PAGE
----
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Sawyer

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About Sawyer

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  1. The Boomers have certainly taken more than their fair share - but the young have the power to change it. If there were no FTBs for a period of 5 years, we'd very soon see those house prices come back down...
  2. The future of transport is electric in my view, but the question is how long will it take to treble our current power generation capacity? And what do we use as fuel? The infrastructure changes needed to adapt to a new system of transport are massive and will take decades to build, and trillions of dollars of investment. And the main problem is not how much oil we use here, but how much China, India and the rest of the devleoping world use. There's no silver bullet, and we need to plan for the future now.
  3. ...and you've got to admit that the dingo solution is inspired, from a certain point of view...
  4. Just trying to push the irony button. Some smart people on here - you've undoubtedly heard of reductio ad absurdum?
  5. And no one would argue with the unfairness of people exploiting the system. It's just not my experience, or anyone I know. Maybe I live in the wrong area, but I don't know of anyone out of work and enjoying such a comfortable lifestyle - quite the reverse in fact. I judge a society on how they treat the least well off. No doubt some will exploit this, but we can find examples of unfairness all round. Some people will always avoid work, but I'd rather my taxes funded a basic living for anyone, even those not "contributing". The alternative is far worse in my opinion.
  6. Unfair, though I am being disingenuous I agree. Let's put it this way. "Sir" Fred Goodwin - never claimed benefit. Maximum liability to tax payer = £325 billion Father, three children lives 40 years = £760,000 (most going straight back into the economy and what might the children contribute?). Probably out of work because of Fred. Let's get our priorities straight.
  7. I'm willing to give you the axe if you'll wield it. God how I hate poor people.
  8. I think everyone on this board is agreed. Kill poor children. Let only rich children survive. They will obviously have an innate work ethic. The world will be a better place. Where's the argument?
  9. You're right. It's fortunate this government is so incompetent otherwise we might have actually ended child poverty! A lucky escape for all of us on this board who want to see more of it!
  10. I am so furious that this man's children don't have to share the hopelessness and poverty that unemployment brings that I am about to burst!! Those kids ought to be in the poor house with their old man!! Or better yet sent to work pick-pocketing the shoppers along Oxford Street! Whatever happened to good old Victorian values? Best of all solutions: feckless father (for unemplyment obviously means lazy, particularly in this job-rich environment) should be sent to prison and the children should go to an orphanage. I'm in favour of child poverty and hate what this government has done to end it
  11. It's hard to come up with an industry-wide number for reserve replacement. Two factors come into it: 1. Organic (discovery through exploration) and inorganic (acquiring exsisting proved acreage) 2. SEC accounting rules There has been ongoing consolidation in the oil sector with fewer companies out there (remember Texaco, Arco, Fina, Elf, Amoco....etc etc). Despite this, if you look at oil output from the oil majors it has actually been declining over the past 10 years. They do also dispose of older, harder to produce fields as well as buying, so it does cut both ways to an extent. I would say that most do now rely on acquisitions over organic methods for really sizable increases in booked reserves. The accounting rule situation applies to proven, probable and possible oil reserves. These need to be defined by a set of particular tests and standards which depend upon the economic viability of production. Cost levels and oil prices at year-end consequently play a big part here in the calculation. It can affect the booked reserve total quite significantly. So it isn't easy to get a really clear picture, but looking across the industry I see more numbers in the 30-70% range than 100+, and it is fair to say many of the best ratios are from companies spending quite a bit of money on proved acreage or smaller companies. Major oil produces less than 25% of the world's total - it's the national oil companies which are today's real players.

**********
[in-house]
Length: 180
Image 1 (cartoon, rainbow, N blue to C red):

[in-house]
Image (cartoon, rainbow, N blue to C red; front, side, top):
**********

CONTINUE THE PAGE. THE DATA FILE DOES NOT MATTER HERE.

12. I'm actually compelled to make my first post to correct some errors, including many from those apparently "in the industry". An easy mistake to make - you're confusing total hydrocarbon production with liquid oil production. The BP hydrocarbon number includes natural gas, the 81.5 million b/d does not. In terms of liquid oil, BP produced 2.4 million b/d on average in 2007 with global oil production averaging 85 million b/d - equal to about 2% of total oil produced. This is simply not true, even when you include natural gas (oil majors like to wrap oil and NG up as "hydrocarbons" to provide a nicer, shinier reserve replacement ratio). Here's BP's total RRP from 2004-2006 (including NG): 2004: 95.7% 2005: 72.4% 2006: 86.5% For just liquids: 2004: 84.1% 2005: 60.5% (we're getting worried...) 2006: 123.9% (thank goodness for mergers & acquisitions!) What is happening now neither proves nor disproves peak oil. It's quite simple, oil demand has collapsed. In 2008 we were pushing the limits of supply, demand has since collapsed by over 1 million b/d which is unprecednted. We're also seeing major projects coming on stream from Saudi Arabia to Brazil - all at the wrong time (as far as the oil industry is concerned). All of that supply has been piling up in global storage, and even on sea (tanker rates are so low that traders are buying oil and selling forward while using parked up tankers to hold the oil - it's a no brainer play given the contango in the forward market). So spot prices have collapsed - falling demand, rising supply and lots in storage. So OPEC is cutting, but they can't cut quickly enough to balance the market, and each cut means we have more excess capacity available. That reduced the risk of a supply disruption. But all of that is a demand-side equation. If we hadn't walked into this fianancial chaos and maintained trend demand growth rates we genuinely would be pushing the limits. This economic disaster is buying much needed time to prepare for a transition away from oil (or if we never recover the problem might vanish!). Let me put it in simple terms. Existing production is declining at 5% per year (according to latest IEA estimates it's more like 8%, but lets be generous). That means you need to replace 5% of 85 million b/d to stand still each year. That's 4.25 million b/d (equivalent to 1 Iran or 2 BPs). Add in trend demand growth of 1.2% per year (recently it has been higher, but I'm trying to be optimistic!). That's another 1 million b/d. Lets say those rates of growth and decline don't change (decline definitely will, but I'm still being really, really optimistic!). Over 20 years we need to add 100 million b/d of new production. In case you didn;t notice, it has taken us 150 years to get to a mere 85 million b/d, and we've already found giant, supergiant and elephant fields! No more of those left. Even if you accept the myth that oil is essentially limitless (like those amusing "recoverable oil resources available" charts), I'm not sure we have the time sclae or money to physcially add that production. I don't think we can do it. The only conclusion is that total oil production will decline. We need a new liquid fuel, greater efficiency and a miracle. When (and if) we come out of this economic tailspin we've got major energy problems looming. Bring on nuclear fusion! FAST!